The treatment of hyperuricemia can be achieved by means of three different ways: (1) by reducing uric acid production through the inhibition of xanthine oxidase (uricostatic drugs); (2) by increasing uric acid clearance through an inhibition of its renal tubular reabsorption (uricusuric drugs); (3) through metabolic conversion of uric acid to a more soluble compound (uricolytic drugs). Uricostatic agents (as allopurinol) and uricusuric agents (as probenecid) are widely used for the treatment of hyperuricemia. However, allopurinol induces pharmacokinetic interactions with other drugs and is not well tolerated by about 5% of the patients, while probenecid can not be used in presence of renal calculi or renal insufficiency. Moreover, these agents can be poorly effective in the treatment of acute hyperuricemia occurring in TLS. Alternative treatment of hyperuricemia includes the use of uricolytic drugs, which are based on urate oxidase. Different forms of urate oxidase are employed in uricolytic drugs: (1) natural Aspergillus flavus urate oxidase: Uricozyme from Sanofi-Synthelabo; (2) recombinant urate oxidase expressed in S. cerevisiae: rasburicase, Fasturtec/Elitek, from Sanofi-Synthelabo; (3) pegylated recombinant porcine urate oxidase: PEG-uricase from Savient Pharmaceuticals. The enzyme urate oxidase promotes the conversion of uric acid into allantoin, a compound that is 10 times more soluble than uric acid and is therefore excreted easily. In several clinical trials, uricolytic agents have shown to be very effective in preventing and treating hyperuricemia, and they are considered elective urate-lowering agents for TLS (Locatelli and Rossi, 2005, Contrib Nephrol, 61-8).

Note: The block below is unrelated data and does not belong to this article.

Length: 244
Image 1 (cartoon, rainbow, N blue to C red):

The biochemistry of uricolytic drugs, however, is still ill-defined. The true product of the urate oxidase reaction is not allantoin, but 5-hydroxyisourate (HIU); HIU is an unstable compound (with a half-life of about 20 minutes) that can decay spontaneously to 2-oxo-4-hydroxy-4-carboxy-5-ureidoimidazoline (OHCU); OHCU is in turn unstable and can decay spontaneously to give racemic allantoin as a stable end product (Modric et al., 1992, Tetrahedron Letters, 44, 6691-6694; Kahn et al., 1997, J. Am. Chem. Soc., 119, 5435-5442). By contrast, however, only the dextrorotatory form of allantoin S(+)-allantoin, appears to be formed in living cells (Vogels and Van der Drift, 1976, Bacteriol Rev, 2, 403-468). Moreover, the intermediates of the urate oxidase reaction are reactive species (Santos et al., 1999, Arch Biochem Biophys, 2, 285-294), and can lead to different, sometime toxic end-products depending on the reaction environment (Priest and Pitts, 1972, Anal Biochem, 1, 195-205; Bongaerts and Vogels, 1979, Biochim Biophys Acta, 2, 295-308). For these reasons, the putative presence of additional enzymes in the biological conversion of uric acid to S(+)-allantoin has been postulated for a long time. Polypeptides able to facilitate hydrolysis of HIU have been described in Glycine max and Bacillus subtilis; in all cases, however, racemic allantoin was observed as the final output of the reaction (Sarma et al., 1999, J Biol Chem, 48, 33863-33865; Lee et al., 2005, FEBS Lett, 21, 4769-4774). Indeed, an enzymatic system able to efficiently and selectively convert uric acid into the natural stereoisomer of allantoin has never been described.